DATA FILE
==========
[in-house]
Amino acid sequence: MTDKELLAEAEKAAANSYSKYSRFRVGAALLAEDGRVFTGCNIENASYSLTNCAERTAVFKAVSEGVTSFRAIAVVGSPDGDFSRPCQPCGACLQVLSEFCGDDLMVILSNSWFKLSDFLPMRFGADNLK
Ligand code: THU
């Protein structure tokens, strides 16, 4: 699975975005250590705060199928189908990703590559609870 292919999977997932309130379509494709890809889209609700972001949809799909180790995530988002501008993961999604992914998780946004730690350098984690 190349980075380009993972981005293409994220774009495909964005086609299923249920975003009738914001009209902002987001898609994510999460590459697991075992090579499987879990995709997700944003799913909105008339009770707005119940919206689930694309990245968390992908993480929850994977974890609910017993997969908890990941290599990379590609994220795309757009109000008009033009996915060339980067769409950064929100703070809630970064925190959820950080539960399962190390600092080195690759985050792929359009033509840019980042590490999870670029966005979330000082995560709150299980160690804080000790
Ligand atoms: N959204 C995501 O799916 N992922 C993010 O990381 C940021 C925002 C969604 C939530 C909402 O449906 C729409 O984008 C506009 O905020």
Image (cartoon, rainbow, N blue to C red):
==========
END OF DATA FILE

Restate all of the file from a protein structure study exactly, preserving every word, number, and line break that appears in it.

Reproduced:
[in-house]
Amino acid sequence: MTDKELLAEAEKAAANSYSKYSRFRVGAALLAEDGRVFTGCNIENASYSLTNCAERTAVFKAVSEGVTSFRAIAVVGSPDGDFSRPCQPCGACLQVLSEFCGDDLMVILSNSWFKLSDFLPMRFGADNLK
Ligand code: THU
């Protein structure tokens, strides 16, 4: 699975975005250590705060199928189908990703590559609870 292919999977997932309130379509494709890809889209609700972001949809799909180790995530988002501008993961999604992914998780946004730690350098984690 190349980075380009993972981005293409994220774009495909964005086609299923249920975003009738914001009209902002987001898609994510999460590459697991075992090579499987879990995709997700944003799913909105008339009770707005119940919206689930694309990245968390992908993480929850994977974890609910017993997969908890990941290599990379590609994220795309757009109000008009033009996915060339980067769409950064929100703070809630970064925190959820950080539960399962190390600092080195690759985050792929359009033509840019980042590490999870670029966005979330000082995560709150299980160690804080000790
Ligand atoms: N959204 C995501 O799916 N992922 C993010 O990381 C940021 C925002 C969604 C939530 C909402 O449906 C729409 O984008 C506009 O905020």
Image (cartoon, rainbow, N blue to C red):